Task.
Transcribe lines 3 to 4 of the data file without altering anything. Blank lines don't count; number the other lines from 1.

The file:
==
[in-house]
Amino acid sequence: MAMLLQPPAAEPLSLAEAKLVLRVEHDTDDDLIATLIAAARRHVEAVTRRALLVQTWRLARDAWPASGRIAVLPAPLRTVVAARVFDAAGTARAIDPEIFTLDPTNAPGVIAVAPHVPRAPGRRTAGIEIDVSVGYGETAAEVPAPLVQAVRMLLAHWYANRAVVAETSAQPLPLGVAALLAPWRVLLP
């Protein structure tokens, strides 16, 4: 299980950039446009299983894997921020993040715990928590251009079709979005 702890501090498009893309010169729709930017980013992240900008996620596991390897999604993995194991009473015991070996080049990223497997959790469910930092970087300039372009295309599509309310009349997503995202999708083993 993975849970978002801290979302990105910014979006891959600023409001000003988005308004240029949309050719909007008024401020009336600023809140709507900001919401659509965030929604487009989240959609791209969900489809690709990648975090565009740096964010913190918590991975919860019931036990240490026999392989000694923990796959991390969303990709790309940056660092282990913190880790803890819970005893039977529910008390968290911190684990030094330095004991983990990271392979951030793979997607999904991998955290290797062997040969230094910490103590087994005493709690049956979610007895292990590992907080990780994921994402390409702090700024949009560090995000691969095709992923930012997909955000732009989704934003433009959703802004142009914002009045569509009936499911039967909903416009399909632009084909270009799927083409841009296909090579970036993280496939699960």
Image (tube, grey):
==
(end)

């Protein structure tokens, strides 16, 4: 299980950039446009299983894997921020993040715990928590251009079709979005 702890501090498009893309010169729709930017980013992240900008996620596991390897999604993995194991009473015991070996080049990223497997959790469910930092970087300039372009295309599509309310009349997503995202999708083993 993975849970978002801290979302990105910014979006891959600023409001000003988005308004240029949309050719909007008024401020009336600023809140709507900001919401659509965030929604487009989240959609791209969900489809690709990648975090565009740096964010913190918590991975919860019931036990240490026999392989000694923990796959991390969303990709790309940056660092282990913190880790803890819970005893039977529910008390968290911190684990030094330095004991983990990271392979951030793979997607999904991998955290290797062997040969230094910490103590087994005493709690049956979610007895292990590992907080990780994921994402390409702090700024949009560090995000691969095709992923930012997909955000732009989704934003433009959703802004142009914002009045569509009936499911039967909903416009399909632009084909270009799927083409841009296909090579970036993280496939699960």
Image (tube, grey):